Great Barrier Grief – Communities Worry For The Reef’s Future, Scientists Urge Government To Listen·
Nadine Marshall is trained as an ecologist, and she’s an expert on the Great Barrier Reef. But recently, her work has picked up an unexpected new element: crisis counseling.
“People tell me about their childhoods spent spearfishing in clear blue waters, but now the water is murky and the fish have gone,” says Marshall, a senior social scientist at Australia’s Commonwealth Scientific and Industrial Research Organisation. In just three years, the Great Barrier Reef has undergone a steep decline, with marine heatwaves bleaching two-thirds of its corals. She says that “the sense of loss is very real, but people don’t have an outlet where they can express their feelings.” So they call her.
There’s a name for the growing sense of despair some people are experiencing as they see the natural world deteriorate around them: ecological grief. Similar to other forms of bereavement, ecological grief can range from sadness and hopelessness to anger and post-traumatic stress. Whether communities face melting sea ice, a disappearing glacier, or brutal drought, ecological grief is quietly taking hold as climate change alters the land and sea.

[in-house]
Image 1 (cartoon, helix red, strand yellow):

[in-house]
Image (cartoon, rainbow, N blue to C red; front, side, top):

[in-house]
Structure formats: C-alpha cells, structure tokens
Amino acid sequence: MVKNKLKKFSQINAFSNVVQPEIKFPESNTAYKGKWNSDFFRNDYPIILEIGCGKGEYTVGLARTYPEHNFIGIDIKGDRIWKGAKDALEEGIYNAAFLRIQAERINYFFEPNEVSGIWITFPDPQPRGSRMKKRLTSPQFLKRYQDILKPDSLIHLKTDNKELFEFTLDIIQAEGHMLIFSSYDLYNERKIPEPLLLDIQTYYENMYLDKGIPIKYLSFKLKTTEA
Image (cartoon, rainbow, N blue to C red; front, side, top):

Governments are not acknowledging the emotional side effects of environmental catastrophe, says Joshua Cinner from James Cook University in Townsville, Australia, who studies how communities manage coral reefs. “Cost-benefit analyses are often based solely on the economic value of different activities, but emotional well-being is not considered in the costs.”
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